The February swoon in the stock market was nerve-racking for all investors, but it also created a huge opportunity. Great stocks were suddenly “on sale,” and those who stuck to their plans found themselves staring at a great profit potential.
In fact, one trade on Apple stock that we told Money Morning Members about last week just returned 250%.
Best of all, the trade actually reduced risk when the markets were extremely volatile…
Trading experts agree that when the markets become turbulent, one of the best strategies is to reduce risk. That could mean trading smaller amounts or even changing to more conservative strategies. And that is exactly what Money Morning‘s options trading specialist, Tom Gentile, offered to readers last week.
It was a conservative way to play a great stock in a turbulent market. Even better, it only took a small amount of money to get started.
Tom focused on Apple Inc. (Nasdaq: AAPL), saying it is fundamentally a great stock as it pushes into subscriptions and recurring revenue. He also noted its trading pattern, which still was quite positive.
He loved Apple, but buying a 100-share lot would mean committing over $15,000 at the time.
He did not want to just buy a call option, either. There was still too much risk in the market, and volatilities – and options prices – were still very high. A trade using call options could have cost around $7,500.
So how did Tom play it to make 250% in just a few days with lower risk?
Tom’s Low-Risk Profit Maker on Apple Stock
Options traders call it a “spread,” or “loophole,” trade. It involves buying a call option and selling a call option with a higher strike price. Basically, the sale of the higher strike call option helps finance the purchase of the lower strike call options, and you make money as the underlying stock rises.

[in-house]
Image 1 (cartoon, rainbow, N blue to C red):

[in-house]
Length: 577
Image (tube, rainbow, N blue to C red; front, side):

This is better than just buying a call by itself, because your cost is reduced significantly. The less money you pay, the lower your risk. And the higher the profit potential.
On Feb. 5, Tom outlined his trade, and it did not take much money to get started. In
fact, it was down around $110. Compare that to just buying the calls for $265, or the stock itself, at over $15,000. You control the same amount of stock for so much less – and with less risk.
Here’s how it worked.
With Apple trading at around $157 per share, Tom told his readers to:
Buy the March 9, $165 call, which traded at about $2.65
Sell the March 9, $170 call, which traded at about $1.55
The net cost for one spread was $2.65 – $1.55 = $1.10, or $110 for one spread contract.
The most you can lose on this trade is the net cost of the spread, or $110. This was true if Apple fell to $100 per share or even to zero.
For readers who bought more than one spread contract, Tom recommends closing half of the trade now that it has doubled in value and letting the rest ride until expiration. The value of the spread Thursday was near $400 per contract.
The maximum profit for this trade is the difference between the two strike prices minus the amount of money you paid to set it up.
Profit = $5.00 (the difference between the strikes) minus the $1.10 cost = $3.90, or $390 per spread.
At expiration, the return will be 254%. Any portion already closed out was still in the triple digits.
*This has been a guest post by Money Morning*